§ Lord Bancroft
asked Her Majesty's Government:
With reference to the Parliamentary Ombudsman's Annual Report for 1995, which records a further big increase in the total number of cases referred to him, what further steps they are taking to bring to departments' notice the existence of the Code of Practice on Access to Government Information in relation to which (by contrast) very few complaints were referred.48WA
The Parliamentary Under-Secretary of State, Ministry of Defence (Earl Howe)
Liaison officers were appointed in each major department and body within the jurisdiction of the Parliamentary Commissioner for Administration when the Code of Practice on Access to Government Information was introduced in April 1994. They are responsible for raising awareness of the code and giving guidance on best practice within their respective departments. Many departments have also produced internal guidance manuals or leaflets relating to the Code of Practice on Access to Government Information.
In addition, the Office of Public Service (OPS) circulates epitomes of cases investigated by the Parliamentary Commissioner for Administration, and has made available to departments many thousands of copies of its leaflet explaining the Code of Practice on Access to Government Information. Training courses in Open Government are run for departmental staff at the Civil Service College.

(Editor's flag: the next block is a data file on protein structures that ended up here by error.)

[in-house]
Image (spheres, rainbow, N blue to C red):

OPS have also produced and distributed 14,000 copies of a booklet called The Ombudsman In Your Files, which is aimed at raising civil servants' awareness of the PCA's procedures and guiding them on how to avoid the malpractices that may lead to complaints. The booklet refers to the Code of Practice on Access to Government Information, and includes an Open Government case study.